Wednesday, February 6, 2013

Model Railway Club of Toronto

 Recently, my brother-in-law and I planned a surprise for my nephew. Not telling him where we were going, we travelled into the busy neighbourhood that is now Liberty Village. We proceeded down an alley behind of one of the few remaining industrial buildings and walked down the stairs leading below a luxury furniture store catering to all the new condo residents in the neighbourhood. Tucked into the basement is the Model Railway Club of Toronto (MRCT). There are few things that can excite a child like a model train set can. There is also a guarantee that the adults are more excited than the child, which we were.
throw back image of Liberty Village - photo taken off their site
While it is not visible at street level, the club has been a part of this neighbourhood’s history since 1946. Founded in 1938 and originally located in one of the founders’ basement, the club moved to Union Station temporarily and then after World War II, found a more permanent home at 171 East Liberty Street (formerly 37 Hanna Avenue), a former munitions factory. One can only imagine how much change the club members have witnessed in this neighbourhood over sixty years. One of the reasons I wanted to visit was because I had a very vague memory of being taken there by my father – who was a railroad worker – when I was a kid. I remember it being in Liberty Village because we would always park there to visit the CNE since it was almost desolate with its seemingly empty warehouses signalling a Toronto industrial age long gone.

The other reason I wanted to visit was because the MRCT is moving. Before the club members take on the arduous challenge of trying to unpack and recreate their world at 11 Curity Avenue (St. Clair/O’Connor), they are welcoming the public to visit every weekend until the final show on Family Day 2013 (February 18).

Walking into the club, you feel like you are immediately stepping back in time. Your eyes try and take in everything at once, but you soon realize that you will require more than one lap of the entire layout to truly see all of its unique features. (We did four laps) You also immediately recognize that you are in a world of trains. The club states that a visiting rail marketing executive, who worked in the industry for over 20 years, remarked that it sounded and felt like a real railway. The club members have recreated a loose representation of the original Central Ontario Railway of the 1950s and 1960s, which ran between Picton and Trenton. While the towns in the model are named after club members, they have named passengers cars after towns along the original route and have reflected some of the major industries at that time in their layout – such as mining, farming and lumber.

As you walk through the display, you marvel at the handcrafted creations on display, from the buildings, landscaping and individual people that dot the landscape – whether they are waiting for a train, working in a mill, climbing a mountain or walking through a town’s main street. The landscape is large and realistic and there are just enough trains travelling at once that you are always pleasantly surprised when one appears .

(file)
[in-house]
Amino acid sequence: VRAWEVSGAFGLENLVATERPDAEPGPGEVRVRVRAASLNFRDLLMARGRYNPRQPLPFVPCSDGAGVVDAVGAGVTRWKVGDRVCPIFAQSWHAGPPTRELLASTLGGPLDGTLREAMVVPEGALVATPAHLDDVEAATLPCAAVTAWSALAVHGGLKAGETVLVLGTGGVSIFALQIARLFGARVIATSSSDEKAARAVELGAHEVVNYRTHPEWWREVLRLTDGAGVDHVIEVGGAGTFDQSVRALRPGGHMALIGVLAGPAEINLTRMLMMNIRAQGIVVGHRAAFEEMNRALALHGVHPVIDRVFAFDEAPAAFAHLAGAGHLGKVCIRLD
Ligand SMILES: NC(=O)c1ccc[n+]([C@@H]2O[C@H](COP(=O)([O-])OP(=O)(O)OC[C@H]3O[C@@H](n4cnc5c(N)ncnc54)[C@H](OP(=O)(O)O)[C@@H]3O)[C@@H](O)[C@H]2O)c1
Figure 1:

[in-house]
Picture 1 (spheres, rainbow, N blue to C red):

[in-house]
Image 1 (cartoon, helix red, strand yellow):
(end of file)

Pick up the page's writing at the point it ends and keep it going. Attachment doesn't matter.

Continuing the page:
Sometimes you can find art and creativity when you least expect and this was certainly one of those times. As you walk through the layout, you immediately respect the artistry, passion and discipline that it took to create and maintain this mini-world over 60 years. And it was all done not for financial gain, but for the love of a simple toy and the pleasure that it brings. 

The other notable feature of the layout is its local feel. Obviously, it’s an Ontario landscape, but dotted throughout are signs and advertisements highlighting Canadian industry. Once in a while, a train will roll by with a “Proudly Canadian, Made for the World” label. 
throw back image taken from their site
The final element of the day that made the trip truly worthwhile was the opportunity to engage with the club members. For many of them, membership at the club has been a lifelong commitment which is reflected in the pride and knowledge they share with visitors. As they speak to each other on walkie talkies and conduct the vast orchestra of dozens of trains operating at once, they are attentive to their guests, asking questions, telling detailed stories or flashing big smiles at the wide-eyed kids. They are truly passionate about their hobby and want you to enjoy their creation as much as they do.

I highly recommend a visit to the club before it moves as it will be the last chance to see the layout before 2015 (that’s how long it will take to meticulously take down and create the display!). All show times are from 11am to 5pm and cost $10 for adults and $6 for children. You can find more information at
- Helder Marcos